Professor Kerryn Phelps has been a familiar face to many Australians over the last twenty five years during which time she has appeared regularly on television, radio and the print media informing the Australian public on health issues. She is currently the President of the Australian Integrative Medical Association. She founded the Cooper Street clinic and Sydney Integrative Medicine Integrative Medicine clinic in Sydney where she works as a GP. Her textbook “General Practice: The Integrative Approach” with co-author Dr Craig Hassed was published in 2010.
In May 2000, after a year in the position of President of the AMA in NSW, Prof Phelps was elected Federal President of the Australian Medical Association, becoming the first woman to head this organisation and serving a maximum term of three years.
During her time as AMA President she established an advisory committee on complementary medicine which developed the AMA’s first position statement on CAM. She worked with Federal and State governments to find a resolution to the Medical Indemnity crisis that was threatening the medical profession and was instrumental in changing the government’s approach to the Australian medical workforce. She was also an active advocate for the health of indigenous Australians and the rights of refugees, particularly children in detention.
She has been the health writer for the Australian Women’s Weekly for nearly twenty years and writes political commentary for Medical Observer Magazine. She is a regular commentator on general practice, public health, medical politics and human rights issues.
Throughout 2004 she was an advisor to the Australian Computer Society and recently completed a review of the NSW Cancer Council. She is a member of the Board of the Cancer Council NSW and the Colorectal Foundation.
In 2003 Prof. Phelps was awarded the Centenary Medal for services to Health and Medicine. She continues to consult patients in her Sydney clinics and in 2003 was appointed Adjunct Professor at Sydney University in the Faculty of Medicine in the Schools of Public Health and the Discipline of General Practice.
Over the years I have seen personal, professional and scientific evidence of the benefits of stepping outside of the confines of my Western medical training. I have always been fascinated by health and healing and I actively seek ways to enhance the wellbeing of my patients and family with advice on diet, exercise, judicious selection of nutritional supplements, physical therapies, herbal medicines and pharmaceutical preparations in the most appropriate combinations. Little did I think I would one day have to walk that journey myself.
Then in 2003 I had the big personal lesson. A massive pulmonary embolism, a reaction to a pharmaceutical drug I had been taking for only a few weeks, put me in intensive care. It was touch and go for a while. My doctors told me I was lucky to survive, thanks to the fact that I had kept myself fit and had never smoked. My future depended on regular exercise and a healthy approach to life in all ways. My doctors, blood thinning medicines, technology and a rain-hail-or-shine attitude to daily exercise got me back on my feet and back to work. But 90% was not good enough. I felt I could get back to 100%. And so my own search for answers began. With the help of some changes in diet, supplements recommended by a naturopath, body work from a kinesiologist/ chiropractor and a lot of determination, I got there.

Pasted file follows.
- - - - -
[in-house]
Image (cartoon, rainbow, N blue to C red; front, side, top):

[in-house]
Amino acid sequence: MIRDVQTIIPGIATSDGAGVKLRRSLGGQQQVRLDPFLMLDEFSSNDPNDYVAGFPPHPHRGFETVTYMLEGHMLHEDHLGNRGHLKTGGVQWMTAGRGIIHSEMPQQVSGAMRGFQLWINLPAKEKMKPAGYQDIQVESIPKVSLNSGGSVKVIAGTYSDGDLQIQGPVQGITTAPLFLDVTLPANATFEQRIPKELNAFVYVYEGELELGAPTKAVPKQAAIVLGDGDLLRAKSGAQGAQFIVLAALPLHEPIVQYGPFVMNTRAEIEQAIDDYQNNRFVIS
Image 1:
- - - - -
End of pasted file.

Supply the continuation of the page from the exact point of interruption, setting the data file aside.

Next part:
Just as we hear of medical/ technological miracles, in my practice I have seen patients achieve amazing results through questioning, exploring options and demanding alternatives. The need for this sort of approach has been thrown into the spotlight in recent years with the emerging evidence on the risks of hormone replacement in menopausal women and the use of anti-inflammatory drugs in arthritis.
Lifestyle factors such as diet and exercise are being increasingly recognized as the solution to many of the epidemics of Western society.obesity, diabetes, heart disease and some forms of cancer to name a few. Prevention is the key word. It means stopping disease from developing through lifelong healthy habits. But even if you have developed a disease, it will not be too late for prevention. That is when you can take stock, get the right advice and make changes that will help you recover, heal or improve how well you are able to feel. This concept works best if the practitioners involved in a person’s health care communicate closely.
In putting together the Sydney Integrative Medicine team, I sought practitioners with substantial clinical experience and a range of skills, and with a commitment to continuing education. I searched for practitioners with a mutual respect for each other’s approach to evidence-based health care who were excited about the prospect of working in a multi-disciplinary team.
So Sydney Integrative Medicine brings together expertise in the areas of general medical practice, public health and clinical preventive medicine, mind-body medicine, sports medicine, nutrition, dietetics, naturopathy, herbal medicine, and exercise science.
I look forward to welcoming you to the clinic to create a healthier you.
Professor Phelps is welcoming new patients.
PROF. KERRYN PHELPS AM
MBBS (Syd), FRACGP
Now on Twitter @drkerrynphelps